To those in despair about unmitigated evil in the world, we say,
“Take heart, this is just a sign of the end times.”
“God is in control.”
“Jesus is coming soon.”

I wonder if we wouldn’t be more helpful,
if we modeled a way to address God in the midst of crisis?
If we showed God enough respect to lay out our complaints,
our cries of desperation?
Cries for help that mean something because they are honest,
and because they are based on the assumption
that God is real, is personal, is active in the world
and in a position to hear our complaints.

Not saying the platitudes might not be true.
In fact, we just read a Gospel text this morning,
that affirms that Christ is coming again,
that evil will not hold sway forever,
and that we need to live in a constant state of attentiveness,
of keeping awake and alert.

But the purpose of scriptures like that,
is not to give us some cheap emotional reassurance,
it is not to take our minds off
the present evils and injustices in the world.
Precisely the opposite.
It’s to help us focus and be attentive and look for signs
that the God we know in scripture
is even now at work in the midst of the evil,
and this God will be revealed
when and where we least expect it.

All the more reason to hold on to an image of God
we can be passionate about—whether out of joy or agony.

The first step is being willing to cry out when God is silent.
The next step is being willing to wait.
Because things might not change tomorrow.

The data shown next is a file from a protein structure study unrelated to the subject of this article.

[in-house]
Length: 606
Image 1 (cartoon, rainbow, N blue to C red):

That’s what Advent is all about.
It’s a season of remembering that we wait for God.
The people of Israel certainly waited longer than they bargained for.
And so might we.

Our questions and complaints may go unanswered for a while.
But we are stubborn in our hope.
God is somewhere. And God will come and redeem us.
That is the good news of this season.

Now, we’re going to have two concrete and beautiful expressions
of our trust in a God who is both high and holy and transcendent,
and a God who is real, present, and active among us.

The choir will be singing a gorgeous piece of music
called “Sanctus.”
The translation of the Latin text is,
Holy, Holy, Holy,
Lord God of Hosts.
Heaven and earth are full of thy glory.
Hosanna in the highest.

After which we are invited to partake in the Lord’s Supper,
one of the most tangible expressions of our faith,
that God has come to be among us, and is still among us,
in the bread and cup, and in our daily lives.

—Phil Kniss, November 27, 2011